FAIRMONT — We’ve all heard of the dangers involved with children and social media. But it bears repeating that the dangers are very real. While people shouldn’t live in constant fear, appropriate steps should be taken to keep our vulnerable young people safe.
Police Chief Mike Hunter shares some information on the issue and provides guidance on how families can work together to avoid a sad story later on.
“Last spring and during this current school year we saw a large increase around the country in students using distance learning via the internet,” he said. “Students continue to become very familiar with the internet and that creates opportunities, but it also creates some concerns. We often refer to the new normal as studying and working from home and being isolated from our regular social interactions, which finds people turning to the online social platforms for some type of social interaction and a means to keep in touch with friends.”
Hunter notes that it’s common for parents to see smartphones glued to their children’s hands, and shares that his family is no different. He said it’s very important to be aware of children’s online activity to help keep them safe.
“One recent statistic shows that approximately 70 percent of children in the US have a cell phone by the age of seven.” He also said that while the smartphone may have replaced the computer as a source of social interaction, some of the safety rules remain the same.
“There are several apps that parents can install on their child’s phone to monitor their online activity,” he said. This is not an invasion of privacy, this is just part of being a parent. Your goal is to keep them safe and help them make good decisions, and this is just one more thing to try and manage as the technology changes.”
He suggests parents “friend” their child on their social media platforms and have children share their passwords with the expectation that it is open for review at any time. This will allow parents to monitor their postings and interactions, as well as affording them the chance to see if someone is communicating inappropriately with their child.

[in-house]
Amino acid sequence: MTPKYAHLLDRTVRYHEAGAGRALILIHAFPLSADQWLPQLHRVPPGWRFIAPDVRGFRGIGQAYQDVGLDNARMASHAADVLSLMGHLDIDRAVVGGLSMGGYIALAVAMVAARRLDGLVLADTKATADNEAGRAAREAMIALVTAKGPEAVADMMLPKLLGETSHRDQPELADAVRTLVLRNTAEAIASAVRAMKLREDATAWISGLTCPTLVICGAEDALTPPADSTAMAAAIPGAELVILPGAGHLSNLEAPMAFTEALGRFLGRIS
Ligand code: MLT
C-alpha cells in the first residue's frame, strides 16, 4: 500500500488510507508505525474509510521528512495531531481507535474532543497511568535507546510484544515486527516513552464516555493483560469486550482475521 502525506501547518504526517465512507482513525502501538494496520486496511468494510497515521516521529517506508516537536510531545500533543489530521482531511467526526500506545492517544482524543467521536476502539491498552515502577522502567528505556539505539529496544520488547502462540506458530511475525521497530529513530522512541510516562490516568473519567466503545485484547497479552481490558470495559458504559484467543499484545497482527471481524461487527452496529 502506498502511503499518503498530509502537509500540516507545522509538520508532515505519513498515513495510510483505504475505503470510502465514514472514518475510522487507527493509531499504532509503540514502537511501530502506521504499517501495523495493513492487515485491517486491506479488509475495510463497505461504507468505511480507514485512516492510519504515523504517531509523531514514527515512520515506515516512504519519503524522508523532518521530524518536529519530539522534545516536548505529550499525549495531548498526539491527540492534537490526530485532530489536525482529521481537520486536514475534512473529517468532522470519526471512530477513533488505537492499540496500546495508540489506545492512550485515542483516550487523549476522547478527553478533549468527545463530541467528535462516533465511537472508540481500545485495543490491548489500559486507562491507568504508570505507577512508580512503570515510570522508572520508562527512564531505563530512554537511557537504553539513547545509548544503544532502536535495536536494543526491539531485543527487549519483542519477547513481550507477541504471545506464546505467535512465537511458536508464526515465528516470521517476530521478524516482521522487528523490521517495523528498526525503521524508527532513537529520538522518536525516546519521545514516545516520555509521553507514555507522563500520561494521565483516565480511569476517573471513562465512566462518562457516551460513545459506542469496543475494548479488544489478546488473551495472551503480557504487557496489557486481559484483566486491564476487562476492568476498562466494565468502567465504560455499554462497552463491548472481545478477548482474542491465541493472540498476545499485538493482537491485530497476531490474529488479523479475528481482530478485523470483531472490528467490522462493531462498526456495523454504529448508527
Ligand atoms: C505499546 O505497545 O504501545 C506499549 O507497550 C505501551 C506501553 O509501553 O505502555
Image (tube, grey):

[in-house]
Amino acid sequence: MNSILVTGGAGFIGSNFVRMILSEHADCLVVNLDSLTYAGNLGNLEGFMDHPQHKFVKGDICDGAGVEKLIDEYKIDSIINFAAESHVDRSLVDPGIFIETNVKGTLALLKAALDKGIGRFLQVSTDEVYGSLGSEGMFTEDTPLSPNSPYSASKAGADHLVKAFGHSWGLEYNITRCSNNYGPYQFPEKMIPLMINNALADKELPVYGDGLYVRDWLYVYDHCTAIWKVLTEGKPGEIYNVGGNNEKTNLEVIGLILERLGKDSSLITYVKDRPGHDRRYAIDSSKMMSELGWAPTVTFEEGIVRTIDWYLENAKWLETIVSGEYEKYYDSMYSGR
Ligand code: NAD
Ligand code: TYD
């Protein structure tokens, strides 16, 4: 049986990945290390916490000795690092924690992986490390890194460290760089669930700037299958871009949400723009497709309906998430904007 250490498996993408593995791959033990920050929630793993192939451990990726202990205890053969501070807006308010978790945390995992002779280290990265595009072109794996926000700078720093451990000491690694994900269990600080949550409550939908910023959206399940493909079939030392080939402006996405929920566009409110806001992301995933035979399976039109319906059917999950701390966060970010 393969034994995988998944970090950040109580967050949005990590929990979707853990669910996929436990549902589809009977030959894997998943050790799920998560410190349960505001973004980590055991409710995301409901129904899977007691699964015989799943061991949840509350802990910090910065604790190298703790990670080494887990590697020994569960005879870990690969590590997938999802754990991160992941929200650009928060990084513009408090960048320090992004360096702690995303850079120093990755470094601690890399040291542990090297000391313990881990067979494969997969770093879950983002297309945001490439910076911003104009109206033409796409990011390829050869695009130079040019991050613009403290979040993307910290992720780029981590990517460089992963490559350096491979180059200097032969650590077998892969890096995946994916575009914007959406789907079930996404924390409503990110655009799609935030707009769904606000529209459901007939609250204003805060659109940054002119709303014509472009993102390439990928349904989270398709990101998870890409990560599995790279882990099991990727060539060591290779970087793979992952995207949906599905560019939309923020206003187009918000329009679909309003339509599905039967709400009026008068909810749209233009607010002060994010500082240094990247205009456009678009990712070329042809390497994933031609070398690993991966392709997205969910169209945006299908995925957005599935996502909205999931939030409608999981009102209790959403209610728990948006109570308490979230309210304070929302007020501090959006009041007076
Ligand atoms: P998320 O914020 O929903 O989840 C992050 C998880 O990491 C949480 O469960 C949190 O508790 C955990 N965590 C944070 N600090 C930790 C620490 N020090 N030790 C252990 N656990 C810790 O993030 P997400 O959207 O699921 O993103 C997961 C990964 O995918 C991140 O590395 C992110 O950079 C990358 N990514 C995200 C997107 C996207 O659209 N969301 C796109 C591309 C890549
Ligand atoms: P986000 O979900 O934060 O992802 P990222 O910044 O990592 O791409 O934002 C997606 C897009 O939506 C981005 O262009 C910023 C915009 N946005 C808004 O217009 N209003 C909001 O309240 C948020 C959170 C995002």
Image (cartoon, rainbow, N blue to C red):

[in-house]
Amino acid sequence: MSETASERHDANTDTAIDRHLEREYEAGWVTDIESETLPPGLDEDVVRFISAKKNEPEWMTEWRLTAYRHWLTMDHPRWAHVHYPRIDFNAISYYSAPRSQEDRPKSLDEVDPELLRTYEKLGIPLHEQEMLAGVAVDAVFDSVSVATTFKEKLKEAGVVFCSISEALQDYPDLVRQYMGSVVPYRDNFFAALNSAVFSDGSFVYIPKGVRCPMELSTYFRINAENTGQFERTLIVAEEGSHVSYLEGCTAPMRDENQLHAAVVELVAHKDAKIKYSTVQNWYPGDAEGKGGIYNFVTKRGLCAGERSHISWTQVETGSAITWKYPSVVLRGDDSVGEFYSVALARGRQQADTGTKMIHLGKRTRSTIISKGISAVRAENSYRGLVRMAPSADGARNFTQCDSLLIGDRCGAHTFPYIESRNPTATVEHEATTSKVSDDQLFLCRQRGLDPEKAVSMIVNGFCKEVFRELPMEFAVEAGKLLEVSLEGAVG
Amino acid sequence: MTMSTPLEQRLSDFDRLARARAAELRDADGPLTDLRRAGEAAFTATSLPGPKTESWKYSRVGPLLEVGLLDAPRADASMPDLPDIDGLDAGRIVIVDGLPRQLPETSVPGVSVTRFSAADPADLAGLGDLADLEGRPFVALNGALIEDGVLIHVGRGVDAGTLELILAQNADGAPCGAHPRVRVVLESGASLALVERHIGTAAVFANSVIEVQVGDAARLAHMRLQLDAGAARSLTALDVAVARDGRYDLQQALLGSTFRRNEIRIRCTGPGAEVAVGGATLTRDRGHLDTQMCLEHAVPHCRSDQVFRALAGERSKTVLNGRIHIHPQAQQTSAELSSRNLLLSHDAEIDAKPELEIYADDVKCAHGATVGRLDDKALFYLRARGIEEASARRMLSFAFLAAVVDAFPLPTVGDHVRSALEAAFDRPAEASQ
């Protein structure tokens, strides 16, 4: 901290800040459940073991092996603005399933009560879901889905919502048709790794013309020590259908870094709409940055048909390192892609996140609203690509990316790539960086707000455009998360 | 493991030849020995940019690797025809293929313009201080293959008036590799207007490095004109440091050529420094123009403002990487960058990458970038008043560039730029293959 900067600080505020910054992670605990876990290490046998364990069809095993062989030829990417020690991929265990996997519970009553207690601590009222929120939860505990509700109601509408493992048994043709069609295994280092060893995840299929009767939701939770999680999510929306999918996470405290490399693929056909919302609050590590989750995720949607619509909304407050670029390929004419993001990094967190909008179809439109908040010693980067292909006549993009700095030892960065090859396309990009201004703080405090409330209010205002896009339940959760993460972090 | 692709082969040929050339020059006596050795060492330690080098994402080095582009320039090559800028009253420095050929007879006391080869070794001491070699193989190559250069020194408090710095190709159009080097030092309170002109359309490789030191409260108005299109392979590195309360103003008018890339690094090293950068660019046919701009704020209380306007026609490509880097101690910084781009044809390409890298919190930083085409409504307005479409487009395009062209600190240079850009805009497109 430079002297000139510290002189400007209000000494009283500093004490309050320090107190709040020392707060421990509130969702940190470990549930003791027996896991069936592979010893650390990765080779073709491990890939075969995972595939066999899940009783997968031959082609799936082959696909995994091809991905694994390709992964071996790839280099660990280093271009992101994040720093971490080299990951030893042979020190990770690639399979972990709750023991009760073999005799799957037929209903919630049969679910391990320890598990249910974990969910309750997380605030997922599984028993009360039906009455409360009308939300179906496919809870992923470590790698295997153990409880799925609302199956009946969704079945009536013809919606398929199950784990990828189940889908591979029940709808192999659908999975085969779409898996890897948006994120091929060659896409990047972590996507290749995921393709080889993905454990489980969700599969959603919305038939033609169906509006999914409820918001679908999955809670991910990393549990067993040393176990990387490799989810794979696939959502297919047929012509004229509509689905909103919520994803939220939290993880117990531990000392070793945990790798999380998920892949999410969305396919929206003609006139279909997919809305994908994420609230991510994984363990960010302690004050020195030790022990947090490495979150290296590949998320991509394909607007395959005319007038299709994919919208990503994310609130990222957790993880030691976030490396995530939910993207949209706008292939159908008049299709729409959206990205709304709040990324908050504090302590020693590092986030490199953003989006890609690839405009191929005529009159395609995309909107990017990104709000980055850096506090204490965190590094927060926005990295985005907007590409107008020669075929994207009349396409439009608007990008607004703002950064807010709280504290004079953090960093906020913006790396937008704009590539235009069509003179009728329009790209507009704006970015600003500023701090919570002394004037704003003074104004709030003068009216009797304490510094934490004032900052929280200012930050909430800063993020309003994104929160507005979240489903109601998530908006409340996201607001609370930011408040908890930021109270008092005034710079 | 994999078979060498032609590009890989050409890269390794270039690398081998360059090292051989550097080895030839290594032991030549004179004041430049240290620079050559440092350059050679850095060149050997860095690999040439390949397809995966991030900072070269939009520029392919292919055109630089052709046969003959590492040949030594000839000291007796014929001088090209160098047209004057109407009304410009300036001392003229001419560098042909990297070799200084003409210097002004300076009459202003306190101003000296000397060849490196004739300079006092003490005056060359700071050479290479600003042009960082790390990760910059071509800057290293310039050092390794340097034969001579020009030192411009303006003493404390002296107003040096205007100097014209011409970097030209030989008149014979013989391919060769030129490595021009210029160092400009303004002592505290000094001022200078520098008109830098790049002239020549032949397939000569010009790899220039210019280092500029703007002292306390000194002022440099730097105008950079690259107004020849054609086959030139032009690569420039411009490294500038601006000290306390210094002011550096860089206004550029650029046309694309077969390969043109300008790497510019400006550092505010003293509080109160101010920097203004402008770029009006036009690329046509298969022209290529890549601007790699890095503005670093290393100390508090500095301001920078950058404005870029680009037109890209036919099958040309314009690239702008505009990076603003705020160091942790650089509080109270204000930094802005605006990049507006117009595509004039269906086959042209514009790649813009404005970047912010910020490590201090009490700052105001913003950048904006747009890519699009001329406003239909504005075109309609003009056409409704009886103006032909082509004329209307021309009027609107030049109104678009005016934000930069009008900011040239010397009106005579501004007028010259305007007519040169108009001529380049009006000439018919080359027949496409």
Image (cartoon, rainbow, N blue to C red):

“Any apps such as Facebook, Snapchat, TikTok, and numerous others that allow for any sort of two-way communication between parties, including online gaming, creates an opportunity for unwanted behaviors from others that may have bad intentions.”
According to Hunter, cyber predators are adults who may pose as children or teens online with the intent to connect with actual children and teens through social networks, chat rooms, online games, and other messaging apps. They pretend to be someone else to gain trust.
“Grooming is the most common form of this by trying to break down barriers to get children and teens to feel comfortable enough to provide personal information, agree to send photos, or even to meet in person,” he said. “Phishing is another technique where they throw out some general questions on social media apps and if they begin to get responses, they start to steer the conversation towards their goals.”
Hunter also pointed out the technique of mirroring, where an offender mirrors the emotions of a child or teen to try and create a bond. They may say they understand how a child feels and offer to be a friend.
Hunter said that while such predatory techniques might not be obvious to children and teens, most parents will be able to sense if something is wrong. He recommends parents ask children to show them how their social media platforms work, noting that showing an interest in their online activities may keep the door open for clear communication.
For parents who want further information on keeping their children and teens safe online, they can check out the NetSmartz program from the National Center for Missing and Exploited Children (NCMEC) at www.missingkids.org/netsmartz. NCMEC also has a Cyber Tipline available for reporting attempts to exploit children on various social media platforms.